Apple 2.0

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Apple pops on Mad Money report

September 16, 2009: 10:20 AM ET
Cramer. Photo: CNBC

Jim Cramer. Photo: CNBC

Apple (AAPL) shares rose 1.3% in after-hours trading Tuesday after Mad Money host -- and confessed Apple stock manipulator -- Jim Cramer raised his price target from $200 a share to $264.

Shares opened Wednesday at $178, up 1.6% from Tuesday's close, and by 12:25 p.m. were trading at $182.72 on high volume. The stock ended the day at $181.87, up $6.71 (3.83%), its strongest close since June 2008.

Cramer had argued on air that an accounting rule change that allows Apple to recognize the "true earnings" from its iPhone sales will cause the Street's 2011 earnings estimates for Apple to go from $8 a share to $12 a share.

The rule change is now in draft form, but Cramer believes will be approved by the Financial Accounting Standards Board (FASB) in a few weeks.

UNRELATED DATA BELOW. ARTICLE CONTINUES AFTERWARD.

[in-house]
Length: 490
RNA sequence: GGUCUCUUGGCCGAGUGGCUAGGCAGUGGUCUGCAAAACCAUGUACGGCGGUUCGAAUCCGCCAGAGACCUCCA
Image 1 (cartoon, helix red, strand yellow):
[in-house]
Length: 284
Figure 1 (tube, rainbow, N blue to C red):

Ticker 9/15-6/09Many analysts have written about the effects of Apple's so-called subscription accounting, and company executives have taken pains to explain its significance at nearly every quarterly earnings call.

But Cramer believes the accounting change will take most money managers -- whom he says don't look past Apple's price-to-earnings ratio -- by surprise.

Commentators at Investor Village's AAPL Sanity board were skeptical of Cramer but impressed by his ability to move the market. "Hey if the guy can pump us to 260 then all the power to him," wrote one.

Another re-published a eyebrow-raising tweet posted at 6:18 p.m. ET Wednesday.

anyone notice that $AAPL vol spike RIGHT BEFORE cramer went on to talk about it? shady business over @cnbc

Cramer's video is copied below.  You may want to turn your volume down.

Also, just for fun, the Jon Stewart Daily Show segment in which Stewart confronts Cramer with the famous video of Cramer bragging to a reporter from The Street about how easy it is to manipulate Apple stock price.

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About This Author
Philip Elmer-Dewitt
Philip Elmer-DeWitt
Editor, Apple 2.0, Fortune

Philip Elmer-DeWitt has been following Apple since 1982, first for Time Magazine, and now on the Web for Fortune.com.

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